March 8, 2010
Vol. 25 , No. 09
Ian Frazier and Jamaica Kincaid in Dialogue
MONDAY, MARCH 8, 2010
Clear and thoughtful - with a fillip of the outlandish, Ian Frazier's work is the stimulating, ardent writing that one always hopes for and rarely finds.
-The Houston Chronicle
Nonfiction writer and humorist Ian Frazier combines first-person narrative to capture contemporary life and travel narratives that explore American history and geography — especially the American West. As a staff writer for The New Yorker for twenty-one years, Frazier wrote feature articles, humorous sketches, and was a frequent contributor to the magazine's "Talk of the Town" section. In 1982, he left Manhattan for Montana, where he began the research for Great Plains (1989), a journey of more than 25,000 miles through the American West. Frazier returned to the West for On the Rez (2000), an account of the friendships Frazier made in his travels. Family (1994) is the story of Frazier's own lineage, as well as a chronicle of 19th- and 20th-century American history. Frazier's humor essays have been published in Dating Your Mom (1986) and Coyote v. Acme (1996). His most recent book, Gone to New York: Adventures in the City (2005) is a collection of essays about his relationship with the city itself.
While attending Harvard University he was on the staff of the Harvard Lampoon. He was later published in Harper’s, The Atlantic Monthly, and other magazines. He has contributed essays for many books, translated a book, written on the crafts of travel writing and journalism, and served as editor for The Best American Essays (1997).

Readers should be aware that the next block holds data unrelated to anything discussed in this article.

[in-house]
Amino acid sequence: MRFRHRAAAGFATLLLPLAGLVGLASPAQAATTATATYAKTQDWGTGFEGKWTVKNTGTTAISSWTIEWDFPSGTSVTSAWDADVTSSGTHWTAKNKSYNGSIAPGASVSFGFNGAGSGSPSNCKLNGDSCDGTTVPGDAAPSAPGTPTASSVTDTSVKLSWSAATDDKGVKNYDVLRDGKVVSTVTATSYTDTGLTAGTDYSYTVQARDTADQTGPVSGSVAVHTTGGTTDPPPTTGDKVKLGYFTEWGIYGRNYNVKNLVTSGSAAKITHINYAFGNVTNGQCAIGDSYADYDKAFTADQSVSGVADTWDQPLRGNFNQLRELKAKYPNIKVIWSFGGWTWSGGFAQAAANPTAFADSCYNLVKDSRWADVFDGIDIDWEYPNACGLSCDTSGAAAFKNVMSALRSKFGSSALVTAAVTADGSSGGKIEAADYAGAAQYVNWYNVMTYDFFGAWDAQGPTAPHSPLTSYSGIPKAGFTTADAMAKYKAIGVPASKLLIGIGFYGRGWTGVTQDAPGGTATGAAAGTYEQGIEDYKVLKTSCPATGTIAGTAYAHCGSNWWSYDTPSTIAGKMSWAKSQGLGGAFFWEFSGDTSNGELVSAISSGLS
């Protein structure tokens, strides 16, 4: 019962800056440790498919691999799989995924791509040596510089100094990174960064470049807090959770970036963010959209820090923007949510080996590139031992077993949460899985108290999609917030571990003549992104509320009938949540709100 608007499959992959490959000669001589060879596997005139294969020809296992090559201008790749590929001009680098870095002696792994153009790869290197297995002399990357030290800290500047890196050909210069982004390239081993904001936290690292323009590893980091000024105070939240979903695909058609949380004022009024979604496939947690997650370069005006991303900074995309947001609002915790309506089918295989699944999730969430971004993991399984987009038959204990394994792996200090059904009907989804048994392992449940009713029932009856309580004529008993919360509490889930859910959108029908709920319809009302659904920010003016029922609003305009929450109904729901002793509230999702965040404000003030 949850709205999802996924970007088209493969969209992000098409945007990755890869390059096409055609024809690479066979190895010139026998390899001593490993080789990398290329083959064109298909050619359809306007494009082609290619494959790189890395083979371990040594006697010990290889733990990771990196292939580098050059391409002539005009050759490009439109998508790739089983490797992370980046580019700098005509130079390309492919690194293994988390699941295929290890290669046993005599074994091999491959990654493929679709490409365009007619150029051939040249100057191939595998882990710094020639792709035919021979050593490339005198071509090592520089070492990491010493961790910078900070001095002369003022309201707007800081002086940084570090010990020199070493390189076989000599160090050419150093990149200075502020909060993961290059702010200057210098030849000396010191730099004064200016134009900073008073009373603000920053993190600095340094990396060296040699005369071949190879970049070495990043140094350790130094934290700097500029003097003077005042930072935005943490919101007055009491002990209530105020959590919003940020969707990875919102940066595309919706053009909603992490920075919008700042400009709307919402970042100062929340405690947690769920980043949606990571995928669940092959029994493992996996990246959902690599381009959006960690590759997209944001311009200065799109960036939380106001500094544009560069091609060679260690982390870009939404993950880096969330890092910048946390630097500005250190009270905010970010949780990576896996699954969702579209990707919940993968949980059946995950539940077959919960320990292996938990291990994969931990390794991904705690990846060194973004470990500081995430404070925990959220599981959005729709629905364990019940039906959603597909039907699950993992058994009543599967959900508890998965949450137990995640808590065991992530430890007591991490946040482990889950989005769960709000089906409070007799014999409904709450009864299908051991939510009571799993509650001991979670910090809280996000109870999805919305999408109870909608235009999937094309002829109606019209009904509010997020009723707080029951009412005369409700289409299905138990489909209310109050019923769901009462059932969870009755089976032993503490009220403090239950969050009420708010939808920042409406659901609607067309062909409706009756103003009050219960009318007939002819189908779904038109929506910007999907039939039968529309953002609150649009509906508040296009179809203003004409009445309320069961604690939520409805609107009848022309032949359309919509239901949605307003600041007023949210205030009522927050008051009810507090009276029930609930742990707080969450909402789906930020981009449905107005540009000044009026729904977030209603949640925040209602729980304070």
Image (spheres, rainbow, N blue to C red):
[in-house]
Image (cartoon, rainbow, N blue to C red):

Jamaica Kincaid was born in 1949 as Elaine Potter Richardson on the island of Antigua. She lived with her stepfather, a carpenter, and her mother until 1965 when she was sent to Westchester, New York to work as an au pair. In Antigua, she completed her secondary education under the British system due to Antigua's status as a British colony until 1967. She went on to study photography at the New York School for Social Research after leaving the family for which she worked, and also attended Franconia College in New Hampshire for a year. Her first writing experience involved a series of articles for Ingénue magazine. In 1973, she changed her name to Jamaica Kincaid because her family disapproved of her writing. Through her writing, she befriended George W.S. Trow, a writer for The New Yorker, who began writing "Talk of the Town" pieces about her. As a result, Kincaid met the editor of the magazine, William Shawn, who, particularly taken by her work in The Village Voice and Ingenue magazines, offered her a job. Kincaid later married Shawn's son, Allen, a composer and Bennington College professor, and they have two children.